After Hermes we walked over to the Place Vendome, which is a big square known for the famous jewelry stores.  It is also the location of the Ritz Hotel, where Princess Diana had her last meal.  I wanted to visit the Hemingway Bar, but it didn’t open until cocktail hour.  Although the bar was closed, I enjoyed walking through the ground floor sitting rooms, which were quiet/empty and a relaxing change from the Louvre and Rue de Rivoli.  We tried to visit the nearby famous toyshop Au Nain Bleau, but it was closed for renovation (Time Out Guide DOUBLE FAIL).

Place Vendome. Photo by Barbara J. Rosen

Relaxing at the Ritz

By dusk we were tired of walking and decided it was a good time for a bateaux mouche cruise/tour of the Seine.  Bateaux mouche is both a name for a type of boat tour and the oldest company that operates such tours.  I was a bit confused about the launch point for Bateaux Mouche, so we walked in the opposite direction and eventually settled for a Vedettes de Pont-Neuf boat instead.  At 13 Euros, the tour was slightly more than Bateaux Mouche, but the boat was festively decorated with flower garlands and old fashion streetlights (a little hokey, but pretty).  This was my third time taking a Seine boat cruise, but it was the first time I’ve actually listened to the guide and I learned a lot about the history of the buildings and bridges of Paris.  The tour also helped me get a bearing on the geography of the city.

Bateaux Mouche in the Seine. Photo by Barbara J. Rosen

When the boat tour ended, it was dinnertime and we decided upon Chez Omar, my favorite couscous restaurant in Paris.  Chez Omar is a little inauthentic because the décor resembles a traditional French brasserie, but the food is delicious and very well priced.  I ordered merguez (spicy lamb sausage), which came with couscous, vegetable stew, and spicy harissa sauce.  The restaurant offers free refills of the couscous and vegetable stew, but I didn’t get it because the portions were more than generous.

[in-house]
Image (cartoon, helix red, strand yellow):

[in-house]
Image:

Chez Omar

I assure you, this meal tasted better than it looks.

After dinner we headed back to my friend’s apartment in the 10th arrondissemont (= neighborhood) and went for a nightcap at the local hangout Chez Prune.  The star attraction of the 10th is the Canal St. Martin and Chez Prune was one of the first bars to open facing it.  The neighborhood is now very trendy and the bar is considered the bobos (bourgeois bohemians) headquarters, so sitting and people watching made for a relaxing and entertaining way to end the day.

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Target First Saturday


Saturday night I attended Target’s First Saturday at the Brooklyn Museum of Art, which is probably my favorite free event.  The first Saturday of every month the museum is open until 11 and has free music, movies, lectures, and other programing (sponsored by Target).  Although everything except the bar and cafe are free, you have to go early (activities begin at 5) to get tickets for the movies and lectures.  You can still enjoy the music/dance party, and art without tickets, which is what I did with my friends.


The current main exhibit is The Black List Project by photographer Timothy Greenfield-Sanders.  Greenfield-Sanders photographed twenty-five prominent African Americans and filmed them in an accompanying documentary.  Greenfield-Sanders uses a 20X24 Polaroid camera to create his signature large format portraits.  There are only six 20X24 cameras in the world and you can rent them for the day at three international Polaroid studios (my mother rented the camera at the NY studio when I was in middle school and did portraits of our friends and family).